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Finally, A Way To Know Whether The Power To Your Outlet Is Clean Or Dirty

Electricity has always been near impossible for consumers to trace, but WattTime has figured out a way to do it.

Finally, A Way To Know Whether The Power To Your Outlet Is Clean Or Dirty
[Image: Abstract via Shutterstock]

Buy a steak at the butcher and he’ll tell you which farm it comes from. Go to the hardware store for wood products, and the owner might be able to trace it to the relevant forest. Hook up your appliances to the wall-socket and want some information about the power? Good luck. If you’re on the grid, the electricity is likely all mixed together, the clean stuff and the dirty stuff.

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The lack of traceability in the power system is probably one reason it’s still so polluting. Because consumers don’t know what they’re getting day to day, they’ve got no basis with which to make alternative choices. The grid is really a black hole that only a few insiders–like grid managers and utility executives–understand.


The goal of WattTime, a new social enterprise based in Berkeley, California, is to shine a little light. It gives people intelligence about where their energy is coming from by monitoring regional auctions where utilities buy power from producers. Consumers can then run machinery when power’s at its cleanest–say, in the middle of the night, when wind farms are going at full capacity.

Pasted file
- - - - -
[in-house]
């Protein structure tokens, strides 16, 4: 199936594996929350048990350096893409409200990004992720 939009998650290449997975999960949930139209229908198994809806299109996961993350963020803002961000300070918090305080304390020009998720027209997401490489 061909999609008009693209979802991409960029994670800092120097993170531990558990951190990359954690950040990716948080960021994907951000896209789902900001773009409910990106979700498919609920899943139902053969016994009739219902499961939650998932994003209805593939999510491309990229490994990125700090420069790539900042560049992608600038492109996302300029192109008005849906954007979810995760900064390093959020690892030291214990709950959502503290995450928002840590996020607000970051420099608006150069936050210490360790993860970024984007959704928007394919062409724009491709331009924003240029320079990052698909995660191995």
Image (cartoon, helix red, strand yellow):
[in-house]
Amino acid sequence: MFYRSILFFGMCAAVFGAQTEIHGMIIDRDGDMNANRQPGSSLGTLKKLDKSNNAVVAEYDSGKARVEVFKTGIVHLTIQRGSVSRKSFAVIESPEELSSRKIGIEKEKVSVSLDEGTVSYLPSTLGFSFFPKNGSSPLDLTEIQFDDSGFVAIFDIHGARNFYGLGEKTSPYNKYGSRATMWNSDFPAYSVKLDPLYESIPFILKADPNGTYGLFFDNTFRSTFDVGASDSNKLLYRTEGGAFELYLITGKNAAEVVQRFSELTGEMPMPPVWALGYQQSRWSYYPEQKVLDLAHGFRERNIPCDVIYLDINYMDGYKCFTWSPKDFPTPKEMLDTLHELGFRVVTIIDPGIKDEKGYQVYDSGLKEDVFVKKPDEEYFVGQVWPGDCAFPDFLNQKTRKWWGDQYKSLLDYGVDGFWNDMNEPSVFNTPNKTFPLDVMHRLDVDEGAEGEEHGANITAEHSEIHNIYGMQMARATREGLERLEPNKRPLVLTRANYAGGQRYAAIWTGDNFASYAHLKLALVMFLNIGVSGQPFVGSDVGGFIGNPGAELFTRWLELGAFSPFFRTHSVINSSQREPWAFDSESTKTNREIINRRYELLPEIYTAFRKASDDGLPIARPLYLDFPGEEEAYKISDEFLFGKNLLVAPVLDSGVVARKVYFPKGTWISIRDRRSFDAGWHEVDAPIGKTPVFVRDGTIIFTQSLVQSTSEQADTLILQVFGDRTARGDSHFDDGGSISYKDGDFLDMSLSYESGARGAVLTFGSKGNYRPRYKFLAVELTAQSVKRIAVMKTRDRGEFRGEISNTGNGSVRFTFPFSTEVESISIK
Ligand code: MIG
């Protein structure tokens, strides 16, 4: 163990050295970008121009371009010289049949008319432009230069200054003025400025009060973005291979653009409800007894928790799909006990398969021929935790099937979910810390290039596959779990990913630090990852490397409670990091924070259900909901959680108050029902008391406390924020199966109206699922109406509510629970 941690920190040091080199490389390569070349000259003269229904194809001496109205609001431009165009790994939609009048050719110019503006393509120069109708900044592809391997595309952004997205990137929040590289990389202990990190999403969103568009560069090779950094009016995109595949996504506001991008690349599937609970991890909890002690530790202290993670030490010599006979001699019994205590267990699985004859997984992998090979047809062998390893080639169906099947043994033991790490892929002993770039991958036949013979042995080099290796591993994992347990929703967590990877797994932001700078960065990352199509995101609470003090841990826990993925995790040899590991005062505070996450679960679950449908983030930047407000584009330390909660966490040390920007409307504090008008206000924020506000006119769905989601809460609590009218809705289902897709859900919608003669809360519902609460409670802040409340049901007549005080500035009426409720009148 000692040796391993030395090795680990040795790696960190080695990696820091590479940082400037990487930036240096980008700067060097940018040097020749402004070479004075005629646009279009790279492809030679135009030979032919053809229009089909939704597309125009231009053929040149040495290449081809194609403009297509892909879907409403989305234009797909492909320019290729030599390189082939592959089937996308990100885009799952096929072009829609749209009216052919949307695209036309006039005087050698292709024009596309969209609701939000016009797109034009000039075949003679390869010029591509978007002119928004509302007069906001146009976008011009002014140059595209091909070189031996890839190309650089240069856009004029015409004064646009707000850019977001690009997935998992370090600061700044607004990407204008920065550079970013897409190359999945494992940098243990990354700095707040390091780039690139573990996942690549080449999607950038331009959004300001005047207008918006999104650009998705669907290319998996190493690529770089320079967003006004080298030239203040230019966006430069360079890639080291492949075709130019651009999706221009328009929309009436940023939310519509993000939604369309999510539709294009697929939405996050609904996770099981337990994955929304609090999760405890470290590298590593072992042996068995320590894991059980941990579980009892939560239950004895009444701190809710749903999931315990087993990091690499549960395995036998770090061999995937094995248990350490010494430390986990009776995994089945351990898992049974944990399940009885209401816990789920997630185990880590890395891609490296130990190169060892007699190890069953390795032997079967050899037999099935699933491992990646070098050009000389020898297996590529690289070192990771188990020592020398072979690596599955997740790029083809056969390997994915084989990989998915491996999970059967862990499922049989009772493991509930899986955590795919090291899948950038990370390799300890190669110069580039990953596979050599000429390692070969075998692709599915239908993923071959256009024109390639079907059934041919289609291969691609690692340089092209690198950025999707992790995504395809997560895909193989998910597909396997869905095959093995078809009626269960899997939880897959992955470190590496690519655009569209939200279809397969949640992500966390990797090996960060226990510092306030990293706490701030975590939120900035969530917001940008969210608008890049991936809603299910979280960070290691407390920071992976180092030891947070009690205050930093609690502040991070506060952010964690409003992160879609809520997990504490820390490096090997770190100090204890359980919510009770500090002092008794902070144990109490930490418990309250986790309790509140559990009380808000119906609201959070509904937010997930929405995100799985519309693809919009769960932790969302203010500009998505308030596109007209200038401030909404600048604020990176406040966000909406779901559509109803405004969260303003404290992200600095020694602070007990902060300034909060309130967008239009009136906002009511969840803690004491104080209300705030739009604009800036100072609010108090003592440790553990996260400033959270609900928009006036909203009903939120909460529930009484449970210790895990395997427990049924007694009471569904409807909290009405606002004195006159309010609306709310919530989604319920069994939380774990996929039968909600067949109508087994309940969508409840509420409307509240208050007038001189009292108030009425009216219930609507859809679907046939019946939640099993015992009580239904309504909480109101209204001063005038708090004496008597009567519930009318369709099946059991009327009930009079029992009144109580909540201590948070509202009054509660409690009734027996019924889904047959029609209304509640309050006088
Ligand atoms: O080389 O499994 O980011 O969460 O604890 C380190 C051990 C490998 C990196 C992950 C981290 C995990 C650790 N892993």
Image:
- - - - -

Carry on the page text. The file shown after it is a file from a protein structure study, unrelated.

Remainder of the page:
WattTime was founded by Gavin McCormick and Anna Schneider, two PhDs from the University of California. “It’s strange how we don’t normally know where power is coming from,” McCormick says. “And we’re curious if consumers will choose what kinds of power they use. We’re looking to a world where electricity outlets are labelled everywhere.”


WattTime isn’t on the market yet. The founders, who were recently named Echoing Green Fellows, are currently working on a “research pilot” with electric vehicle owners (one of the types of machines that might use the system in real-life). Once ready, they plan to focus on larger energy users first, like universities or manufacturers, before going to residential consumers.

“Businesses and organizations have sustainability goals they’re trying to meet,” Schneider says. “We provide new ways to do that by automating their smart equipment. They can access our software and we automatically lower their carbon footprint.”

WattTime will cover about two-thirds of U.S. market that uses large-scale “Independent System Operator” markets and which release real-time trading information. The rest of the country is made up smaller entities that are less easy to monitor from the outside. WattTime assesses the footprint of energy using EPA data for each region. You can see some data in the map Schneider and McCormick have already created (see above).

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The partners were awarded $90,000 as part of their two-year fellowship with Echoing Green, which supports social entrepreneurs in a variety of ways, such as providing mentoring and health insurance.

Schneider is excited to get WattTime off the ground. “I was blown away that there was data out there that would allow people to choose energy based on the time it was available,” she says. “It’s been so much fun over the past year to build up this idea of using clean energy by using it at the best time.”

About the author

Ben Schiller is a New York staff writer for Fast Company. Previously, he edited a European management magazine and was a reporter in San Francisco, Prague, and Brussels.

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